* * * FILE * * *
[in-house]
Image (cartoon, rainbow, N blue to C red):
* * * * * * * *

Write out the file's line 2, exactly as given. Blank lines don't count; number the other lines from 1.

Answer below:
Image (cartoon, rainbow, N blue to C red):